Hiking socks will help you avoid developing blisters because they wick moisture away from your skin. Try them, you will love them, guaranteed.
Hats are one of the most important items to take on your hikes. The sun protection a hiking hat provides will help you avoid sunburn, sun stroke, and dehydration. Always take a hat. They come in a variety of shapes and sizes and are made of materials that are breathable, will dry quickly, and wick sweat away from your skin. When you are hiking in hot climates, get a hat with a decent sized brim to provide extra shade. For winter, get a lightweight and a medium to heavier weight insulated hat.
Base layers are very lightweight shirts and bottoms that wick sweat away from your skin, and keep you warm. You can get T-shirts for the Summer and warm weather, and long sleeves for cooler seasons.
Hiking shirts are made of synthetic fabric, or bamboo. They can be collared, crew neck, short sleeved, or long sleeved. The best hiking shirts are athletic in style, keep you dry, wick sweat, and offer sun protection.
Hiking pants offer features that regular pants do not. First, they dry quickly, offer freedom of movement, have many pockets, and built-in belt systems. Some convert into shorts.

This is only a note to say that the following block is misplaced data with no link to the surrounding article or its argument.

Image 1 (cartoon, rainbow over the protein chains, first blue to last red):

The features of hiking shorts are basically the same as hiking pants, but shorts, so you can be comfortable in warm climates or summertime.
Fleece jacket or merino wool sweater
If you are hiking early in the morning before sunrise, or during cooler months, both fleece jackets and merino wool sweaters are an important item of hiking clothing to own. They are a necessary layer to wear over your base layer, or underneath a protective shell. You can get merino sweaters that are very lightweight. Fleece jackets are available in different weights and fabric thicknesses. Sweaters and fleece jackets both offer incredible insulation for their weight.